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Michael D Higgins has been re-elected as President of Ireland with 55.8% of the vote

Ireland has overwhelmingly backed Higgins to serve another seven years as president.

President Michael D Higgins
President Michael D Higgins
Image: Brian Lawless/PA Images

MICHAEL D HIGGINS will serve a second term as president after being re-elected to Áras an Uachtaráin on the first count.

The incumbent president was re-elected with 822,566 first preferences (55.8% of the vote), with the public overwhelmingly backing him to serve another seven years in the post.

Higgins fended off competition from five other candidates, including Peter Casey – his closest rival in the race – Liadh Ní Riada, Joan Freeman, Sean Gallagher and Gavin Duffy.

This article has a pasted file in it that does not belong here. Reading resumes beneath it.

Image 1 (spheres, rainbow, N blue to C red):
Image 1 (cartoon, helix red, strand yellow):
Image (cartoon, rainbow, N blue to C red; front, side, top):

A low turnout (43.66%) saw 1,492,338 people vote in the election, with 18,438 of those ballots deemed invalid. The valid poll then was 1,473,900, putting the quota for election at 736,951, a target Higgins smashed on the first count. 

His 55.8% vote is just marginally behind the biggest winning margin the State has seen – and that was in 1959 when Eamon deValera romped home with 56.3% of the electorate. 

Second place

Casey’s surge to second place came after pre-ballot opinion polls had put his support level as low as 1% just two weeks ago.

The result means that Higgins, who was first elected to public office in 1973, will serve a sixth decade as a serving politician.

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He became the first candidate to be elected as president on the first count in an election featuring more than two candidates.

Duffy, meanwhile, received the lowest number of first preference votes (32,198) in a presidential election in the history of the State. 

Click here for our interactive list of constituencies. 

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